Progressives

Robert Nozick and the Value of Liberty

Stephen Metcalf’s prolix takedown of Robert Nozick demands response, not because Metcalf has advanced a novel and Rawls-esque so-interesting-and-powerful-it-must-be-addressed argument, but because he precisely has not. Nozick is, justifiably, a hero of libertarianism (and liberty), and his terrific book, Anarchy, State, and Utopia, as well as libertarianism in general, deserve better than Metcalf’s excoriation.

End ED — From the Left!

It’s no secret that expelling the U.S. Department of Education is something that a lot of libertarians, and conservatives who haven’t lost their way, would love to do. What’s not nearly so well known is that there are also people on the left who dislike ED.

Neocons, Progressives, and the Impulse to Bully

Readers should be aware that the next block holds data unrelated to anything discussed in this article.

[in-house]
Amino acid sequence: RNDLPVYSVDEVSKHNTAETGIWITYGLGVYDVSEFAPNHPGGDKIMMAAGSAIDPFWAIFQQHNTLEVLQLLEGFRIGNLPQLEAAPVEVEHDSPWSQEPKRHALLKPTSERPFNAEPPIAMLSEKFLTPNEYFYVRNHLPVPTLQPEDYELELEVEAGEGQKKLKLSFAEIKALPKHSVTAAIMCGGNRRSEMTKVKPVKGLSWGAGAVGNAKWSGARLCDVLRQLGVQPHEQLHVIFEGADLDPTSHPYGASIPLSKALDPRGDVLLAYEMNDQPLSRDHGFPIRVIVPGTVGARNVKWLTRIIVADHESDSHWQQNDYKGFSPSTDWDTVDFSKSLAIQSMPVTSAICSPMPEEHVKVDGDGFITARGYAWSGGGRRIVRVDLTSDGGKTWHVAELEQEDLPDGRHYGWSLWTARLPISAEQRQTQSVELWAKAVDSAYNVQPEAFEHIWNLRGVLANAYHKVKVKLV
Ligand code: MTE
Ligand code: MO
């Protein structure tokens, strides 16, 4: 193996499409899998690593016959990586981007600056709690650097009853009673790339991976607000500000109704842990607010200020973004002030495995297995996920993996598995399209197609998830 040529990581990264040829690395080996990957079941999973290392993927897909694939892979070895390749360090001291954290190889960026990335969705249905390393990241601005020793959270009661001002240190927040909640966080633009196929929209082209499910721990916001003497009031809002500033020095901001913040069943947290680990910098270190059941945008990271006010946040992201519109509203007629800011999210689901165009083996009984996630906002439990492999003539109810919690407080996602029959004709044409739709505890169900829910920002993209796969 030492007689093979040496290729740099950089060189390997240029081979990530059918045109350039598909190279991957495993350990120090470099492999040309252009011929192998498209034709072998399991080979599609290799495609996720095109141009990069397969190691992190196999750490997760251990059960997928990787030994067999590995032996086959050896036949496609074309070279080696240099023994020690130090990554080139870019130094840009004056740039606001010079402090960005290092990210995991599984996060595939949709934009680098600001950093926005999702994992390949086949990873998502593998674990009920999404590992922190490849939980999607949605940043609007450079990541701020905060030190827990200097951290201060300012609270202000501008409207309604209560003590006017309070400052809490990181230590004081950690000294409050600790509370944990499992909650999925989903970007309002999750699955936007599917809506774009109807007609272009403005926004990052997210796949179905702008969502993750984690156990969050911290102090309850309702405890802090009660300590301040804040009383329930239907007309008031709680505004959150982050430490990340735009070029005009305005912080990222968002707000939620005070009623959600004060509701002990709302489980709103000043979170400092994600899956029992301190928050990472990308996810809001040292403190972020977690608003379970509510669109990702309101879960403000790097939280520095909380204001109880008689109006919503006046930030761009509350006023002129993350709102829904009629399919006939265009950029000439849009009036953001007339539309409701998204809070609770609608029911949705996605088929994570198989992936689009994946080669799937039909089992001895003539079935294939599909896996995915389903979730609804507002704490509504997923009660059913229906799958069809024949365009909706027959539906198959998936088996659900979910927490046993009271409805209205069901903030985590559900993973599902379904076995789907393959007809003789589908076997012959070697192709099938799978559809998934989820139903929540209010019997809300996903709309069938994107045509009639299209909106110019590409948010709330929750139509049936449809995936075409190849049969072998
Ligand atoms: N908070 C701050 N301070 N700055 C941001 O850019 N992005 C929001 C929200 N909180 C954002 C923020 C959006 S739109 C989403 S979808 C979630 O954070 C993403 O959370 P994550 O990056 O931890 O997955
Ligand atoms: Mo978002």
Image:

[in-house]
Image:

Bart Hinkle makes some interesting observations in the Richmond Times-Dispatch about the unfortunate similarities between neoconservatives and progressives. Progressives, he says (and of course they’re not really for progress, so they might better be called left-liberals), spent the Bush years criticizing “bullying,” “heavy-handed meddling,” and even “neoconservative theories of social engineering.” They preferred “soft power.”

How Did the FCC Come to Acquire This Power?

Jeff Eisenach and Adam Thierer have a great essay in The American honoring the 50th anniversary of Ronald Coase’s article “The Federal Communications Commission.” It’s timely given the FCC’s proposal to establish public utility-style regulation of the Internet under the banner “net neutrality,” and it’s a good general warning to Neo-Progressives who “see market failure as the source of most problems, and government as the centerpiece of most solutions.”

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